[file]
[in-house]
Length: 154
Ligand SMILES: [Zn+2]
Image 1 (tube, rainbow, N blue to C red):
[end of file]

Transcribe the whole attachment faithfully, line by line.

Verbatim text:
[in-house]
Length: 154
Ligand SMILES: [Zn+2]
Image 1 (tube, rainbow, N blue to C red):